Afghans protest in Kabul in November after seven people from the Hazara minority group were beheaded by Taliban militants. (Jawad Jalali/European Pressphoto Agency)

— The last time Ramzan Ali saw his 9-year-old daughter alive was the day he put her in a van, along with her aunt and five other people from their Afghan village. They were headed for the Pakistani city of Quetta, where the little girl, Shukria, was going to spend time with her ailing grandmother.

The next time Ali saw his daughter, in mid-November, she was lying in a coffin with her severed head stitched jaggedly back onto her neck. She and the other passengers, all ethnic Hazaras from Ghazni province, had been abducted on the highway by Taliban insurgents, held captive for 27 days and then beheaded.

“She was the smartest girl in her class,” Ali, a farmer who walks with crutches, recalled in a recent interview. After spending years in Pakistan as war refugees, he and his family had returned home in 2012 to work their land again. “When I hurt my leg, Shukria told me she was going to become a doctor and fix it,” he said.

It was not the first time a group of Hazaras had been captured, and in some cases slain, by the Taliban or other predatory groups this year. Since the departure of NATO combat forces, Hazara leaders say, the growth of criminal gangs and aggressive Sunni Muslim insurgent factions has left members of their once-oppressed Shiite minority newly vulnerable to attack. In February, 31 Hazaras riding on two buses from Iran were abducted by Taliban fighters, and six were killed; a dozen other assaults have occurred since then.

But the gruesome beheading of the third-grader, whose battered image raced across Afghan social media, crystallized a sense of grievance among Hazaras and sparked the largest protest Kabul has seen since the overthrow of the Taliban in 2001. On Nov. 10, chanting crowds carried the seven coffins across the capital, demanding that the government provide better security for Hazara regions and the highways linking them to Kabul and other cities.

Ramzan Ali lost his 9-year-old daughter, Shukria, when she was kidnapped and beheaded by Taliban fighters in November. (Pam Constable /The Washington Post)

Six weeks later, despite President Ashraf Ghani’s personal pledge to take protective action and his appeal for ethnic harmony, the Hazara community is still seething. The Hazaras’ fear is compounded by their awareness that they have faced a mix of assailants, including Sunni nomad tribes, Taliban-friendly Pashtun neighbors, organized kidnapping rings, rival Taliban militias, Islamic State forces and fanatical copycats.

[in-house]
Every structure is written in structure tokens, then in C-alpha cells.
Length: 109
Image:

“Afghans of all kinds are victims of terrorists, but Hazaras are the only group targeted because of our ethnicity,” said Zaki Daryabi, an editor at the Daily Information, a newspaper in Kabul. He ticked off a list of abductions and killings in recent months, along with various suspected perpetrators. “No one knows who is behind it all, but it is not just the Taliban,” he said. “Kidnaping Hazaras for ransom is becoming a big business.”

In Ghazni, a province with a mixed Pashtun and Hazara populace, the picture is especially murky. Taliban forces hold sway in most Pashtun districts, and Hazaras say they face constant pressure to leave. Clashes between moderate and radical Taliban groups have spilled over from next-door Zabul province, where Shukria and her adult companions were held captive and killed. And Pashtun nomads have abducted Hazaras in revenge for stealing sheep.

For Hazara legislators, who swept the 2010 elections in Ghazni and envisioned building a model of modern progress there, the violence and crime have been a stunning blow. Mohammed Alizada, who represents the largest Hazara district, said the growing chaos has closed schools, shut down development projects and caused some villages to take up arms against pro-Taliban forces.